One of the greatest and most admired artists of the twentieth century, Georgia O’Keeffe led a life rich in intense relationships—with family, friends, and especially with fellow artist Alfred Stieglitz. Her extraordinary accomplishments, such as the often eroticized flowers, bones, stones, skulls, and pelvises she painted with such command, are all the more remarkable when seen in the context of the struggle she waged between the rigorous demands of love and work.
When Roxana Robinson’s definitive biography of O’Keeffe was first published in 1989, it received rave reviews and was named a New York Times Notable Book of the Year. This new edition features a new foreword by the author setting O’Keefe in an artistic context over the last thirty years since the book was first published, as well as previously unpublished letters of the young O’Keeffe to her lover, Arthur MacMahon. It also relates the story of Robinson’s own encounter with the artist. As interest in O’Keeffe continues to grow among museum-goers and scholars alike, this book remains indispensable for understanding her life and art.
About the Author
Roxana Robinson is an art historian and novelist. Among her books of fiction are This Is My Daughter, Asking for Love and Other Stories, Summer Light, and A Glimpse of Scarlet.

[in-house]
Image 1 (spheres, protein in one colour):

“The best book ever written on O’Keeffe. . . . An invaluable resource.” — Calvin Tomkins
“Robinson’s detailed, sensitive critique of O’Keeffe’s work alternates with an absorbing, intimate narrative of O’Keeffe’s personal life (including her notorious relationship with Juan Hamilton, six decades her junior, and the public battle over her estate) to provide a resourceful, imaginatively rendered portrait of a dauntingly difficult subject.” — Publishers Weekly
“The most comprehensive O’Keeffe biography to date, this essentially feminist reading convincingly builds its case from a wealth of sources . . . to explain less the woman-behind-the-myth than how and why the woman herself became myth-maker.” — Kirkus Reviews
“A profoundly human treatment of O’Keeffe and all the people who figured prominently in her life.” — Los Angeles Times